Actually, I thought one of the most interesting things that Christopher said is that we’re not going to drive religion out of the world, and that’s true, we’re not. And actually, I think for people of faith to have debates with those who are secularist is actually good and right and healthy and it’s what we should be doing. (Applause).
I’m not claiming that everyone should congregate on my space, I’m simply claiming one very simple thing, that if we can’t drive religion out of the world because many people of faith believe it and believe it very deeply, let’s at least see how we do make religion a force for good, how we do encourage those people of faith who are trying to do good, and how we unite those against those who want to pervert religion and turn it into a badge of identity used in opposition to others. (Applause).
So I would simply finish by saying this: there are many situations where faith has done wrong, but there are many situations in which wrong has been done, without religion playing any part in it at all, so let us not condemn all people of religious faith because of the bigotry or prejudice shown by some, and let us at least acknowledge that some good has come out of religion, and that we should celebrate. (Applause).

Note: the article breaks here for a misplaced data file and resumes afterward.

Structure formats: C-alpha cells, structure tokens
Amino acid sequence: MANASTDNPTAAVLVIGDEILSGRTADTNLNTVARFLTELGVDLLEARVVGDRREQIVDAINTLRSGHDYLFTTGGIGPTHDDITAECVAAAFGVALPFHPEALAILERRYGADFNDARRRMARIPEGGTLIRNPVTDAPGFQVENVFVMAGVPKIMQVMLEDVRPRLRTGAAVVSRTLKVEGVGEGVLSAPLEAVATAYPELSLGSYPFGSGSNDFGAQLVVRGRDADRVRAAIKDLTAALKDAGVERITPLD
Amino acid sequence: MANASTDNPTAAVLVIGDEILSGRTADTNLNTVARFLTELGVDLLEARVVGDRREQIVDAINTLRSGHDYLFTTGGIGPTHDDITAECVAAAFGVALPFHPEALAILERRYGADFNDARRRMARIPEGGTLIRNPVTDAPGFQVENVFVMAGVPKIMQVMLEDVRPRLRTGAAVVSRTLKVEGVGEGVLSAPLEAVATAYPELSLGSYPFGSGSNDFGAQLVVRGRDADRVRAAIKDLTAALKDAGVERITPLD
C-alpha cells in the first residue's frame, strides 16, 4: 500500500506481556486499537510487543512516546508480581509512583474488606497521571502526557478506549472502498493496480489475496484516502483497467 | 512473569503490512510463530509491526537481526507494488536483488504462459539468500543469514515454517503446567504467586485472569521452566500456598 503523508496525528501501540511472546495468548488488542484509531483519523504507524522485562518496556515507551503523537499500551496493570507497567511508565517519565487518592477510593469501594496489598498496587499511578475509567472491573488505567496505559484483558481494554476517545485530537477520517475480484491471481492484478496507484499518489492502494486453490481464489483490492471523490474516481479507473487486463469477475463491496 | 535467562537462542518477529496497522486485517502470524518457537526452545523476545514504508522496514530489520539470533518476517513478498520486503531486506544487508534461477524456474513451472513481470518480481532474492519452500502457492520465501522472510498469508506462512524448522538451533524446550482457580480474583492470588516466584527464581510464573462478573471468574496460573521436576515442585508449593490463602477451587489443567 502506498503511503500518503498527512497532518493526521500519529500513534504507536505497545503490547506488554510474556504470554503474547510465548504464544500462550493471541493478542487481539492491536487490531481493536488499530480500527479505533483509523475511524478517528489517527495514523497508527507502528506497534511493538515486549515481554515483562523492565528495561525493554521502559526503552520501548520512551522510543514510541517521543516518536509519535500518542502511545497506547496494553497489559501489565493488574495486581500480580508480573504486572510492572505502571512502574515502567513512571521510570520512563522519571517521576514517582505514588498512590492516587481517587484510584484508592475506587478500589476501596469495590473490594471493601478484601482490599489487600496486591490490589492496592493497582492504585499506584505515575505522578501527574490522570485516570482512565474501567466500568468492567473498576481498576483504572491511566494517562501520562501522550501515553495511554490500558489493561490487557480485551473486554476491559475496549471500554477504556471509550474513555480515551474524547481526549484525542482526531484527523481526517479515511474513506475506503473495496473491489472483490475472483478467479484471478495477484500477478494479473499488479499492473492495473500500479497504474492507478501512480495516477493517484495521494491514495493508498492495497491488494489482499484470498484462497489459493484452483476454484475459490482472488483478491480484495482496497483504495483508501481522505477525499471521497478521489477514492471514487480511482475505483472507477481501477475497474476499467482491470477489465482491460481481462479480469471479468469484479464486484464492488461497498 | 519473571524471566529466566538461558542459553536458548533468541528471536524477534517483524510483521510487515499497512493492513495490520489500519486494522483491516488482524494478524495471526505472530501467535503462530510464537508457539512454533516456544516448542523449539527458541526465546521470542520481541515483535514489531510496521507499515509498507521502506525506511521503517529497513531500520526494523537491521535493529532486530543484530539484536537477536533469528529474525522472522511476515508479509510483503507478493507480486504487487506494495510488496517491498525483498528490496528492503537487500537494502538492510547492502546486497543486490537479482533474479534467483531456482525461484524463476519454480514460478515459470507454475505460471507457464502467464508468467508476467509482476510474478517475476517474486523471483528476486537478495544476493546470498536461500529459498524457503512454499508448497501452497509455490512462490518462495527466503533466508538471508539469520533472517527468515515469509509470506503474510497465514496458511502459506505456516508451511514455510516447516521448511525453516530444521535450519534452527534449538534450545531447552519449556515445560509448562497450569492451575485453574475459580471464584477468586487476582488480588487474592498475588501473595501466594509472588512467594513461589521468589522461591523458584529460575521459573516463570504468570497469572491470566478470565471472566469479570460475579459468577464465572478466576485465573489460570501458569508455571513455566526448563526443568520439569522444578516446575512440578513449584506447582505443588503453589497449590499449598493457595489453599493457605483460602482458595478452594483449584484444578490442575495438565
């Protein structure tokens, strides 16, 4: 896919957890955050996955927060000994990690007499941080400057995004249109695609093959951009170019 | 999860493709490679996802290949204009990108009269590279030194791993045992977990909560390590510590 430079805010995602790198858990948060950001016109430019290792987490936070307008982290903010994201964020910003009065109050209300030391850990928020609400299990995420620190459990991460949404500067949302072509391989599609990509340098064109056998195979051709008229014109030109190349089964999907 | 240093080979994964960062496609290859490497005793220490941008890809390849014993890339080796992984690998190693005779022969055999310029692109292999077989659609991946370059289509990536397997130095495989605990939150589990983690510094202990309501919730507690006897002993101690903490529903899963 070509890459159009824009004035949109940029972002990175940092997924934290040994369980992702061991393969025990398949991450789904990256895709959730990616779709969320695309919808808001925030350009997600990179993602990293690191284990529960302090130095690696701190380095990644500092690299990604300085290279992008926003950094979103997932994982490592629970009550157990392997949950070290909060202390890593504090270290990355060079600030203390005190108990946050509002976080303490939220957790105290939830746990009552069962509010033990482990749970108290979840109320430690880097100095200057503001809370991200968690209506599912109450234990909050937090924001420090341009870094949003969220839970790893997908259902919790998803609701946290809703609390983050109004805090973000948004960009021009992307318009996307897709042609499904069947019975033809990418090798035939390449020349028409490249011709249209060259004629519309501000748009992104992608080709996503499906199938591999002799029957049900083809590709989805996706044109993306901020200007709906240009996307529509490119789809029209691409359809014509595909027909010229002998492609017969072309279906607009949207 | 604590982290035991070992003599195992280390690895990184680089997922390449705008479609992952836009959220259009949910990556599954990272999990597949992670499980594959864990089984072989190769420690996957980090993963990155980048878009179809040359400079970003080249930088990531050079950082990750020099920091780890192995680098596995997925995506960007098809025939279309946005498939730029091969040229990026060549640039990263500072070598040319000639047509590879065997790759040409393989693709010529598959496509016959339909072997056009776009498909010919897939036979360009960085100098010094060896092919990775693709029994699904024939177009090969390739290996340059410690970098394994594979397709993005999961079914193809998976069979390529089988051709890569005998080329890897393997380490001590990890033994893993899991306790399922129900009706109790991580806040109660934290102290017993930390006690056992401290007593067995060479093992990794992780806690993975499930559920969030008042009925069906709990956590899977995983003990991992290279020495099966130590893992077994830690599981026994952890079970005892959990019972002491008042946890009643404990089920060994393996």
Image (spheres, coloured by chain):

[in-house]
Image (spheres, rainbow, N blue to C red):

RUDYARD GRIFFITHS: Christopher, your second rebuttal, please.
CHRISTOPHER HITCHENS: Do I have a second one? What an amazing test of audience tolerance. All right, how splendidly you notice we progress, ladies and gentlemen. Now it’s okay, some religious people are sort of all right. I think I seem to be bargaining one of the greater statesmen of the recent past down a bit. Not necessarily opposed to that. Just to finish on the charity point, I once did a lot of work with a man called Sebastian Selgado, some of you will know him, great photographer, the UNICEF ambassador on polio questions, I went to Calcutta with him and elsewhere. Nearly got rid of polio, nearly made it join smallpox as a disease, a thing of the past a filthy memory, except for so many religious groups in Bengal, Afghanistan, don’t go and take the drops, it’s a conspiracy, it’s against God and his design. By the way, that argument isn’t terribly new, when smallpox was a scourge, Timothy Dwight, head of Yale, said taking Dr Jenner’s injection was an interference with God’s design as well.